The Wage-Gap: A social injustice

Written by Molly Lancett


Note: This is the second post in a series I am writing about inequality, the issues women/non-binary individuals face, and will act as an informative tool for people who may not be educated on the struggles we face. Starting with feminism and its importance (check out my previous post to read), to the gender wage-gap, all the way to the prevalence of sexual assault against women.



The gender wage-gap is described as the difference between what men and women earn when within the same, or extremely similar roles. It's safe to say it's assumed knowledge that women get paid substantially less than their male counterparts and it's difficult to explain why this issue is occurring since there have been such vast improvements and changes to achieve gender equality, but yet this issue remains unchanged. You may think this issue surely does not occur within our own country, if this is where your train of thought took you, you are beyond incorrect. This is an issue not only occurring globally, but within our very own country to notable amounts.


Australian legislation is supposed to protect individuals from being discriminated on the basis of sex. If legislation supposedly prohibits this from occurring, why is it that in every occupational category, there is a gender wage-gap favouring full-time working men over full-time working women? And why is it that women earn 87 cents for every dollar a man makes? In 2018–19 alone, it was estimated there was a wage-gap of 16% to 22% globally, and 13% within Australia. On the more shocking end of the spectrum, Pakistan sits at a whopping 62.5% gap, and the UK is sitting at 35.2%. As if this isn’t enough, according to data from the Bureau of Labor Statistics, it is shown that there are vast differences in weekly earnings between men and women within the same career. Just to name two, male financial supervisors earn $1,662 a week, compared to females who earn just $979 a week and real estate agents, where men earn $1,159 compared to the female earnings of $818 a week. Although these numbers are startling, the wage-gap is typically attributed to simply more than women making less than men. Maternity leave, being part-time or full-time and ultimately which career path is chosen by the individual affect the statistics slightly, and this may be an argument you hear from individuals who deny the existence of the wage-gap. Although these are contributing factors, they are nowhere near as comparable as the main issue at hand. Sexism.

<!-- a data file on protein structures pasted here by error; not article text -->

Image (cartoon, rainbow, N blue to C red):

There is preferential recruitment of men, even when the women holds the same qualifications and skills. In fact, a new type of hiring has been on trial and is occurring today. It is known as blind recruitment, which is the process of removing any information that might identify candidates gender in their application, so that the appliers suitability for the role can be judged with no bias or personal opinions. Within employers there is either a conscious or subconscious sexist approach when it comes to hiring, showing a strong bias towards male applicants. The issue of misogynistic attitudes such as "women can't do jobs as good as men" have been around for centuries, and it's time for this attitude to be wiped. If Australian legislation prohibits discrimination on the basis of sex, so should employers.